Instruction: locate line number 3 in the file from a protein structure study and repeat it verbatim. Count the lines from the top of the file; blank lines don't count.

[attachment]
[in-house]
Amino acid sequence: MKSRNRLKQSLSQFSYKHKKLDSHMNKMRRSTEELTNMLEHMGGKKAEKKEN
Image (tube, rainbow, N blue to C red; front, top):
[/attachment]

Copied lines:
Image (tube, rainbow, N blue to C red; front, top):